Eco-Living Magazine

Seven Things You Should Know Before Buying a Hybrid Car

Posted on the 05 April 2012 by T_mackinnon @tedmackinnon

Thinking about buying a hybrid car? Hybrids offer several advantages for many drivers, but they also have their limitations. Here are seven things you should consider before making the hybrid plunge.

  1. Battery life: Hybrid car batteries are rumored to give out in five years, leading to an expensive replacement cost for the vehicle owner. According to auto manufacturers, this just isn’t true. Most car companies claim that a hybrid car battery is designed to last the lifetime of the vehicle. Automakers back up this claim with warranties that last 10 years or more, which is definitely a vote of confidence for hybrid batteries.
  2. Common repair costs: Keep in mind that when it comes time to service your hybrid car, you’ll have to take it to a certified mechanic. Hybrids will often cost more to repair since hybrid cars are more complex. So be prepared for the extra cost.
  3. Cost increase over traditional vehicles: A hybrid car usually costs about $3,000 to $6,000 more than a comparable gasoline vehicle. This is due in part to the large car battery that powers the vehicle’s electric motor. Over time, the price of large lithium ion car batteries will drop dramatically, making hybrids more competitively priced. But for now, hybrid owners will have to pay a premium for a “green” vehicle.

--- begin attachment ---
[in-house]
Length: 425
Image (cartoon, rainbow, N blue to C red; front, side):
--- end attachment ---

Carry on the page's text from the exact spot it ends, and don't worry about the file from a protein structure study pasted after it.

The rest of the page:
4. Gas mileage: Since most hybrid cars depend mainly on electric motors running at slow speeds, gas mileage is significantly higher than in traditional vehicles. The exact gas mileage will vary by make and model, with a range of somewhere between 30 and 60 miles per gallon.
  5. Payload capacity and truck space: Modern hybrid cars require a large, heavy car battery to operate. The additional space and weight of the battery can reduce trunk space and lower the payload capacity of a hybrid vehicle.
  6. Available models: If you’re looking for a traditional gasoline vehicle, you have an overwhelming number of options from which to choose. Hybrid cars are more limited: Though vans, SUVs and trucks are available, you will be restricted to certain manufacturers and models.
  7. Auto insurance: Before buying a hybrid car, consider how your car insurance policy will be affected. Pricier cars usually come with higher premiums, so be sure to factor that into your budget. To find affordable insurance, compare at least three vehicle insurance quotes before settling on a provider.

Author: Dale Cooper

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